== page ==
SWAZILAND: Traditional leaders get involved in HIV treatment campaign
"Swaziland is a traditional country and chiefs hold real power"
MBABANE, 3 July 2012 (IRIN) - The recent announcement by a local chief that he is living with HIV has brought the conservative world of traditional Swazi leadership into the thrust of 21st century AIDS mitigation efforts.
Joel Sacelo, 75, a long-serving headman in the southern Shiselweni region, who is also the pastor of a church in this impoverished rural area, chose a meeting of his fellow traditional leaders to make his declaration.
"I am HIV positive. Today I felt it was the right time to tell the world about my status," said Sacelo. The Ministry of Health is organizing meetings throughout the country to enlist chiefs and other local leaders in an effort to expand antiretroviral therapy (ART).
Swaziland has the world's highest HIV prevalence rate. In most chiefdoms, weekends have largely been reserved for funerals. If the deceased has died of an AIDS-related illness, the cause of death is often not acknowledged because of the stigma attached to AIDS.
But the extent of the mortality has made it harder to deny its cause, and leaders like Sacelo have been moved to declare their HIV status.
"I know many of you will be surprised today to learn that I am HIV positive, but it comes from my heart to disclose my status because I want the Swazis out there to know that taking ARVs does not mean you are going to die,” he told his fellow traditional leaders.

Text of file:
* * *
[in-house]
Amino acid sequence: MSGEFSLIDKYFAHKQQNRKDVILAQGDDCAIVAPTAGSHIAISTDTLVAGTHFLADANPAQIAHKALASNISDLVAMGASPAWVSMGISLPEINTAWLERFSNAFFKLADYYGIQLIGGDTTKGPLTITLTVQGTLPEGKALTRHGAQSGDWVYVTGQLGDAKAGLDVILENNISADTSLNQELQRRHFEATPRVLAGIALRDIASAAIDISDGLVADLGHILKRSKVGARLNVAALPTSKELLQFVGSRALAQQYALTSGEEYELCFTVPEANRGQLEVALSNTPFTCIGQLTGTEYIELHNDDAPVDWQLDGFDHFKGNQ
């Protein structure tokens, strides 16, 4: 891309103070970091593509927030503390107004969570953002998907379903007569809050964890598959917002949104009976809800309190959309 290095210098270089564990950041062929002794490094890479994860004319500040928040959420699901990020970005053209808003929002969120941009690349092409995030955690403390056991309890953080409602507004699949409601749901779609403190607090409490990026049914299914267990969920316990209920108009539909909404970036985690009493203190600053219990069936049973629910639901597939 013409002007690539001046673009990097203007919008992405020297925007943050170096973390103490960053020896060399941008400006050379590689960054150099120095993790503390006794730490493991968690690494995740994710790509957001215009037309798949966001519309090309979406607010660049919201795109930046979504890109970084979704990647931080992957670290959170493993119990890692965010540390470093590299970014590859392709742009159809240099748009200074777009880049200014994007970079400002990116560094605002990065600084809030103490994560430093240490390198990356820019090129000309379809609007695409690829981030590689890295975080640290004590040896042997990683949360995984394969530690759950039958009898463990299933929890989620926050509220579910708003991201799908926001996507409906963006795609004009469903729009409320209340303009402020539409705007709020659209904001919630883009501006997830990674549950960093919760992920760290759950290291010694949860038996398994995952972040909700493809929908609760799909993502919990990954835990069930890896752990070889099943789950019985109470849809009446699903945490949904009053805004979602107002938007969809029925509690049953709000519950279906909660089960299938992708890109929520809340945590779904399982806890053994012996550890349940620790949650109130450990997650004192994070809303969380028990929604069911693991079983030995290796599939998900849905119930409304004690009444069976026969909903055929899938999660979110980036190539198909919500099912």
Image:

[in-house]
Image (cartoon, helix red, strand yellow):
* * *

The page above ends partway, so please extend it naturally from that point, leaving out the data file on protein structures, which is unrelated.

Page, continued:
“This is the first time I have publicly declared that I am on ART, and it has been two years since I began. I want people to know that HIV-positive people are also human, like any other person."
About 70 percent of Swaziland's population live on communal Swazi nation land administered by hereditary chiefs. The country is divided into around 350 chiefdoms and most people are listed as the subject of a chief.
In an interview with IRIN/PlusNews, the widowed headman and pastor said his children and grandchildren were aware of his HIV status, as were the members of his congregation, and he had chosen to speak out to encourage others to be tested and learn their HIV status.
In a concession to modernity, the position he holds is now earned by winning a local election. Despite his age, Sacelo said he planned to run for another term as the area headman.
"We are proud of him,” Minister of Health Benedict Xaba told the meeting. “He is a role model. He has just turned 75 and this shows that to achieve a long life, people should take ARVs like… Sacelo.”
Chief Malambule Mdluli said the country's AIDS crisis has changed the way chiefs interact with their subjects - they can no longer be seen as "untouchable" and unapproachable figures, but must be pro-active on health issues to ensure the survival of their constituents.
Some senior chiefs also joined parliamentary officials at a conference in the capital, Mbabane, convened by the Swaziland Network of People Living with HIV and AIDS (SWANEPHA) to discuss the nationwide implementation of ART.
The meeting concluded with chiefs pledging to assign fields in their areas to be cultivated for food that will be distributed to local families of people living with HIV and AIDS.
"The chiefs have been educated in the need for proper nutrition for people taking ARVs. It is part of the ART roll-out into rural areas. Medication isn't enough, because for these medications to work, HIV-positive people need good food every day,” Vusi Khumalo, an AIDS activist and SWANEPHA official, told IRIN/PlusNews.
“There is only so much that these poor chiefdoms can do, but providing land to meet the needs of people living with HIV and AIDS is important for practical reasons - the food is necessary - but also for morale," Khumalo said.
"It is important that chiefs be seen as involved in AIDS efforts. Swaziland is a traditional country and chiefs hold real power - they are looked up to in their communities."
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[This report does not necessarily reflect the views of the United Nations]